Entering Wednesday night’s game against the Utah Jazz, the guards and perimeter players of the Charlotte Bobcats knew that they had a chance to take advantage of Utah’s weak backcourt. For the most part, they did just that.
Someone must have forgotten to tell Charlotte’s frontcourt that they had a game Wednesday night, though.
The Bobcats guards and small forwards combined for 88 points on 52.2 percent shooting. That’s exactly what they needed to do so they could exploit the Jazz’s struggling guard-play with the injury to Mo Williams.
But for Charlotte’s quality play from their perimeter players to matter, there had to be some kind of production coming from their post-players. That didn’t happen.
The Bobcats frontcourt combined for only 14 points on 31.6 percent shooting. If you take Hakim Warrick’s 10 points on 44 percent shooting, Bismack Biyombo, Tyrus Thomas, Jeff Adrien and Brendan Haywood combined to score four points on 20 percent shooting. Their big-men also allowed the Jazz’s three primary post-players to score 55 points on 75 percent shooting.
It’s safe to say that the lack of offensive production and the soft interior defense of the Bobcats is why the final score read 112-102 in favor of Utah. Had they been more aggressive and effective on offense, the score would probably be tilted more towards Charlotte. Had they contained the Jazz frontcourt better, the result might have been different.
But those things didn’t happen. They haven’t happened all season for the Bobcats. This game is a microcosm of Charlotte’s season. Guys like Kemba Walker, Michael Kidd-Gilchrist, Ramon Sessions and Ben Gordon have been carrying this team to the little success that they’ve had while their post-players continually underperform or perform inconsistently.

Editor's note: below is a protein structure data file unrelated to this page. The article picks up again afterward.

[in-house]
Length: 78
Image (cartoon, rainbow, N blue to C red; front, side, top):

Not only does that put entirely too much pressure on the backcourt of the Bobcats, but it also allows teams to game-plan better for Charlotte. Opposing teams know that guys like Biyombo, Haywood and Thomas don’t have the prowess to beat them offensively. Subsequently, teams can then focus their defense on stopping the Bobcats’ guards.
Though he’s wildly inefficient, Charlotte needs Byron Mullens to come back from injury. Mullens will have to play smarter when he’s on the floor, but he is the only offensive threat in the Bobcats frontcourt. Without him in the lineup, the Bobcats are too unbalanced of a team to succeed.
While Mullens is still out though, the Bobcats have to find a way to create easy shots for their big-men. Whether it be pick-and-roll plays, interior screens or something else, they have to do something.
The Bobcats backcourt has been going into battle with only half of an army behind them in most games this season. And that’s why they’ve been losing the war.